Note: Symptoms are presented for the purpose of identifying a panic attack; however, panic attack is not a mental disorder and cannot be coded. Panic attacks can occur in the context of any anxiety disorder as well as other mental disorders (e.g., depressive disorders, posttraumatic stress disorder, substance use disorders) and some medical conditions (e.g., cardiac, respiratory, vestibular, gastrointestinal). When the presence of a panic attack is identified, it should be noted as a specified (e.g., ‘’posttraumatic stress disorder with panic attacks”). For panic disorder, the presence of panic attack is contained within the criteria for the disorder and panic attack is not used as a specified.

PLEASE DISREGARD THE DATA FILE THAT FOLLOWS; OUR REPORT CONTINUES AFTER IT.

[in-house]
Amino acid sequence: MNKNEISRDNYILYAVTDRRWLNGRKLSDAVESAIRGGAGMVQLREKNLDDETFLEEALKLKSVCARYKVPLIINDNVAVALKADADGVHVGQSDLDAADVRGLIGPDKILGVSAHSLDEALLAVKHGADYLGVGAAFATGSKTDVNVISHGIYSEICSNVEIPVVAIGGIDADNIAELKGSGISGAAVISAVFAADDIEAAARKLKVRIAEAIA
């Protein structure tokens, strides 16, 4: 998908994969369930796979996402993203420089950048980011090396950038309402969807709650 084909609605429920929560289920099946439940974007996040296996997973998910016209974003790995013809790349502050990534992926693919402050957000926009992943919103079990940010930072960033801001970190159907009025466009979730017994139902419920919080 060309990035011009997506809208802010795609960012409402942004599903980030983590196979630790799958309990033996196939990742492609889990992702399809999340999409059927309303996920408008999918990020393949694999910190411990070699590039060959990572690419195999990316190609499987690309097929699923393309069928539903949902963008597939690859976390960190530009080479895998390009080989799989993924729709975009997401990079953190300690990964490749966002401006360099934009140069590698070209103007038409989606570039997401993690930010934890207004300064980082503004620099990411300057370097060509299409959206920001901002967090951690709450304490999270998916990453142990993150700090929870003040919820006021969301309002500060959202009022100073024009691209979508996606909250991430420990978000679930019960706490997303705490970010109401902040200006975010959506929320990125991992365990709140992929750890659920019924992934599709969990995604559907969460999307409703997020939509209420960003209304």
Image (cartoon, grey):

An abrupt surge of intense fear or intense discomfort that reaches a peak within minutes and during which time four (or more) of the following symptoms occur:
Note: The abrupt surge can occur from a calm state or an anxious state.
- Palpitations, pounding heart, or accelerated heart rate.
- Trembling or shaking.
- Sensations of shortness of breath or smothering.
- Feelings of choking.
- Chest pain or discomfort.
- Nausea or abdominal distress.
- Feeling dizzy, unsteady, light-headed, or faint.
- Chills or heart sensations.
- Paresthesias (numbness or tingling sensations).
- Derealization (feelings of unreality) or depersonalization (being detached from oneself).
- Fear of losing control or “going crazy.”
- Fear of dying.
Note: Culture-specific symptoms (e.g., tinnitus, neck soreness, headache, uncontrollable screaming or crying) may be seen. Such symptoms should not count as one of the four required symptoms.